Keywords: Agricultural and Food Policy, Productivity Analysis, Research and Development/Tech Change/Emerging Technologies,
    Date: 2012
  7. By: goksel, turkmen
    Abstract: This paper discusses welfare costs of a decrease in productivity and argues that there are two important channels which cause a reduction in welfare: a decrease in output per firm (intensive margin) and a decrease in number of operating firms (extensive margin). Traditional Dixit-Stiglitz monopolistic competition framework with constant elasticity of substitution utility and common productivity across firms fail to capture the extensive margin. To address this problem, this paper introduces “continuum-quadratic” utility (i.e. linear demand system) while keeping the other assumptions unchanged and finds that lowering productivity affects not only the intensive but extensive margin as well.
    Keywords: productivity; quadratic utility; monpolistic competition
    JEL: L00
    Date: 2012–01
  8. By: Charlot, S.; Crescenzi, R.; Musolesi, A.
    Abstract: The paper looks at the genesis of innovation in the EU regions in ordre to shed light on the link between innovative inputs (R&D and Human Capital) and the genesis of economically valuable knowledge. The 'traditional' regional Knowledge Production Function (KPF) is innovatively developed in three complementary directions. Firs, the KPF is 'augmented' in order to control for all possible 'unobsrevable' and 'immesurable' time varying factors that influence the genesis of innovation (i.e. localised institutional and relational factors, regional innovation policies). Second, a semi-parametric approach that relaxes any arbitrary assumption on the 'shape' of the KPF is adopted. Finally, the assumption of homogeneity in the impact of R&D and Human Capital is relaxed by explicity accounting for the differences between 'core' and 'peripherial' regions. The econometric results confirm the importance of accounting for time varying unobserved heterogeneity through the adoption of a 'random growth' specification: R&D efforts exert a significant influence on innovation only after controlling for regional specific time varying unobserved factors. In addition, the semi parametric approach uncovers significant threshold effects for both R&D expenditure and Human Capital and highlights a strong complementarity between these two factors. However, 'core' regions benefit from a persistent advantage in terms of the 'productivity' of their innovation inputs. This has important implications for the EU innovation policies at the regional level.
    JEL: R11 C14 C23
    Date: 2012
  9. By: Augustin Kwasi Fosu
    Abstract: Recent evidence from an exhaustive political-economy study of growth of African economies – the Growth Project of the African Economic Research Consortium (AERC) - suggests that ‘policy syndromes’ have substantially contributed to the generally poor growth in sub-Saharan Africa during post-independence. The current article employs the unique data and insights generated by the Growth Project to further explore the importance of a ‘syndrome-free’ (SF) regime for growth in the region by examining: (i) the channels via which SF affects growth: total factor productivity (TFP) versus factors of production; and (ii) the role of institutions in mediating this impact, with special attention accorded the efficacy of the restraint on the executive branch of government in mitigating the potentially adverse effect of ethnicity.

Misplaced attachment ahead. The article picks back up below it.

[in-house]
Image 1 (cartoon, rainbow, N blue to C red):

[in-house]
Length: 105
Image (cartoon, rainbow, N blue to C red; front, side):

Date: 2012
  10. By: Fan, Haichao; Lai, Edwin L.-C.; Li, Yao Amber
    Abstract: This paper examines (i) the relationship between the credit constraints faced by a firm and the unit value prices of its exports, as well as (ii) the relationship between the export prices of a firm and its productivity. The paper extends Melitz's (2003) model of trade with heterogeneous firms by introducing endogenous quality, credit constraints and marketing costs. There are three key findings. First, there exists a positive relationship between firm productivity and export prices because the choice of higher-quality inputs is associated with higher productivity. Second, tighter credit constraints faced by a firm reduces its optimal prices as its choice of lower-quality inputs dominates the price distortion effect resulting from credit constraints. Third, if one adopts the alternative assumption that quality is exogenous across firms, then completely opposite results would be expected: there would be a negative relationship between prices and productivity; prices increase as firms face tighter credit constraints. An empirical analysis using Chinese bank loans data, Chinese firm-level data from the National Bureau of Statistics of China (NBSC), and Chinese customs data strongly supports the predictions of the endogenous-quality model, and confirms the existence of the quality adjustment effect: firms optimally choose lower quality when facing tighter credit constraints. Our finding of a significant impact of credit constraints on export prices indicates the prevalence of heterogeneity of product quality across firms.
    Keywords: credit constraints; credit access; credit needs; endogenous quality; export prices; quality; heterogeneous firms; productivity
    JEL: G2 D2 F1 L1
    Date: 2012–08–01
  11. By: Junge, Martin; Severgnini, Battista (Department of Economics, Copenhagen Business School); Sørensen, Anders (Department of Economics, Copenhagen Business School)